When Ethan Muller, a struggling art dealer, stumbles upon a once-in-a-lifetime opportunity in a slum building vacated abruptly by an elderly tenant, he almost cannot believe his good luck. The treasure trove of stunning art work is sure to put Ethan in the forefront of the art scene.

But what does anyone know about Victor Cracke, except that he came and went in solitude for nearly forty years, his genius hidden and unacknowledged.

Soon Ethan is caught up in the middle of a mystery, aided by a retired police detective, yet before he can make any significant progress at all, the ailing man who was helping him dies. His daughter picks up the search, with Ethan, but their quest for the whereabouts and history of Cracke and the mysterious life he led, take them into some very strange places.

Meanwhile, the author presents an “interlude” of stories set from the eighteen-hundreds onward, as he weaves in a mysterious subplot about the Muller family that gradually becomes more and more relevant as the secrets are unveiled.

Throughout this tale, too, we are gifted with glimpses of the cutthroat art scene and how the players twist and turn, from clamoring for the work of the hungry artists to lambasting them when the tides turn.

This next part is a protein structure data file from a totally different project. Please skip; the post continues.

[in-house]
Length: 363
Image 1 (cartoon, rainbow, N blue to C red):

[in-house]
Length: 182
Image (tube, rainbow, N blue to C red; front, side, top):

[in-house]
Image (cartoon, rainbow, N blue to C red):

The Genius kept me guessing all the way through until, finally, we have that “a-ha!” moment when everything starts to make sense.

I am giving this book five stars for the clever plot, the intriguing presentation, and this author’s unique voice.


  1. I started reading this, thinking it sounded awfully familiar. Then I realised it was a book I had picked up about a year ago, only over here it is called The Brutal Art. I wonder why they keep changing book names between countries, that is so annoying.


    • Wow! I didn’t realize that. It’s bad enough when so many books are similar enough that every time I read a book flap, I have to ask myself: have I read this already?

      Thanks for stopping by, Vivienne.


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